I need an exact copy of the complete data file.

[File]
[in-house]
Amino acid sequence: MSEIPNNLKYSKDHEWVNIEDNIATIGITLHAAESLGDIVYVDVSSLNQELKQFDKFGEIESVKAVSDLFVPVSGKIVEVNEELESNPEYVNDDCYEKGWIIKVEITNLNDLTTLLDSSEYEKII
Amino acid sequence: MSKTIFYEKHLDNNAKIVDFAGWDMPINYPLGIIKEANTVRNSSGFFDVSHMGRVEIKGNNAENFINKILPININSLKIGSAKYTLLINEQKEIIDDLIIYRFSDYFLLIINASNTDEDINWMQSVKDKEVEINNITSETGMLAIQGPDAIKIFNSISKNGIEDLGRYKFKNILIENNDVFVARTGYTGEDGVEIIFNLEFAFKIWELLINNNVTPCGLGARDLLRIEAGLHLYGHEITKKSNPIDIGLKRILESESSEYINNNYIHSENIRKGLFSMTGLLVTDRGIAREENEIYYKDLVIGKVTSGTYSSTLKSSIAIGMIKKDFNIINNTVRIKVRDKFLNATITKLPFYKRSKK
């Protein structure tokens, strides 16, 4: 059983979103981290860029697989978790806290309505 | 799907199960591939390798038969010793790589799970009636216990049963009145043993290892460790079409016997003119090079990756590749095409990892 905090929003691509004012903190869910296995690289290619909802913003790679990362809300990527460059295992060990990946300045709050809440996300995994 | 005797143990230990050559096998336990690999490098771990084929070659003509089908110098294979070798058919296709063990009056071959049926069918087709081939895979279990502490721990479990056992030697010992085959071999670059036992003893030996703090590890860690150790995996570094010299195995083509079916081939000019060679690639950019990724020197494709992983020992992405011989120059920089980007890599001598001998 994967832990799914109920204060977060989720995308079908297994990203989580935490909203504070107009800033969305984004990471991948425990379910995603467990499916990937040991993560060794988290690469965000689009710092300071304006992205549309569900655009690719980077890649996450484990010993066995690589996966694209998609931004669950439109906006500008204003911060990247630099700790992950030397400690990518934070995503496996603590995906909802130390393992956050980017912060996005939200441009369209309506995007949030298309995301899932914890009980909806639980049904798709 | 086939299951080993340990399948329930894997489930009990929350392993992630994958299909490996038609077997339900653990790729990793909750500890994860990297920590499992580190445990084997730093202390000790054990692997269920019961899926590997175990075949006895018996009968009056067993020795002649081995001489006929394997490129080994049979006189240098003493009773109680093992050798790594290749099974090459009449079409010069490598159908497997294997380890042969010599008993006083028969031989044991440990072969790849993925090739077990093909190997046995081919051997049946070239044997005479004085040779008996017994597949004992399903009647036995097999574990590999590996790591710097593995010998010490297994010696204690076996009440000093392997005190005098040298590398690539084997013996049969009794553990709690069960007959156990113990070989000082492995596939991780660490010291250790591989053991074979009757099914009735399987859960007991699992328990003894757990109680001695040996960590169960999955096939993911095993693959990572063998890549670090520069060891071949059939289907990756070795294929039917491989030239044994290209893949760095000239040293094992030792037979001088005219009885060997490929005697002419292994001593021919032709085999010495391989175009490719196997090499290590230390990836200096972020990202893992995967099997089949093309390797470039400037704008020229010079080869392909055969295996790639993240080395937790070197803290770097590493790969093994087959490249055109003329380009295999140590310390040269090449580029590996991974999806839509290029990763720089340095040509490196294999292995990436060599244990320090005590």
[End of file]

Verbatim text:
[in-house]
Amino acid sequence: MSEIPNNLKYSKDHEWVNIEDNIATIGITLHAAESLGDIVYVDVSSLNQELKQFDKFGEIESVKAVSDLFVPVSGKIVEVNEELESNPEYVNDDCYEKGWIIKVEITNLNDLTTLLDSSEYEKII
Amino acid sequence: MSKTIFYEKHLDNNAKIVDFAGWDMPINYPLGIIKEANTVRNSSGFFDVSHMGRVEIKGNNAENFINKILPININSLKIGSAKYTLLINEQKEIIDDLIIYRFSDYFLLIINASNTDEDINWMQSVKDKEVEINNITSETGMLAIQGPDAIKIFNSISKNGIEDLGRYKFKNILIENNDVFVARTGYTGEDGVEIIFNLEFAFKIWELLINNNVTPCGLGARDLLRIEAGLHLYGHEITKKSNPIDIGLKRILESESSEYINNNYIHSENIRKGLFSMTGLLVTDRGIAREENEIYYKDLVIGKVTSGTYSSTLKSSIAIGMIKKDFNIINNTVRIKVRDKFLNATITKLPFYKRSKK
């Protein structure tokens, strides 16, 4: 059983979103981290860029697989978790806290309505 | 799907199960591939390798038969010793790589799970009636216990049963009145043993290892460790079409016997003119090079990756590749095409990892 905090929003691509004012903190869910296995690289290619909802913003790679990362809300990527460059295992060990990946300045709050809440996300995994 | 005797143990230990050559096998336990690999490098771990084929070659003509089908110098294979070798058919296709063990009056071959049926069918087709081939895979279990502490721990479990056992030697010992085959071999670059036992003893030996703090590890860690150790995996570094010299195995083509079916081939000019060679690639950019990724020197494709992983020992992405011989120059920089980007890599001598001998 994967832990799914109920204060977060989720995308079908297994990203989580935490909203504070107009800033969305984004990471991948425990379910995603467990499916990937040991993560060794988290690469965000689009710092300071304006992205549309569900655009690719980077890649996450484990010993066995690589996966694209998609931004669950439109906006500008204003911060990247630099700790992950030397400690990518934070995503496996603590995906909802130390393992956050980017912060996005939200441009369209309506995007949030298309995301899932914890009980909806639980049904798709 | 086939299951080993340990399948329930894997489930009990929350392993992630994958299909490996038609077997339900653990790729990793909750500890994860990297920590499992580190445990084997730093202390000790054990692997269920019961899926590997175990075949006895018996009968009056067993020795002649081995001489006929394997490129080994049979006189240098003493009773109680093992050798790594290749099974090459009449079409010069490598159908497997294997380890042969010599008993006083028969031989044991440990072969790849993925090739077990093909190997046995081919051997049946070239044997005479004085040779008996017994597949004992399903009647036995097999574990590999590996790591710097593995010998010490297994010696204690076996009440000093392997005190005098040298590398690539084997013996049969009794553990709690069960007959156990113990070989000082492995596939991780660490010291250790591989053991074979009757099914009735399987859960007991699992328990003894757990109680001695040996960590169960999955096939993911095993693959990572063998890549670090520069060891071949059939289907990756070795294929039917491989030239044994290209893949760095000239040293094992030792037979001088005219009885060997490929005697002419292994001593021919032709085999010495391989175009490719196997090499290590230390990836200096972020990202893992995967099997089949093309390797470039400037704008020229010079080869392909055969295996790639993240080395937790070197803290770097590493790969093994087959490249055109003329380009295999140590310390040269090449580029590996991974999806839509290029990763720089340095040509490196294999292995990436060599244990320090005590």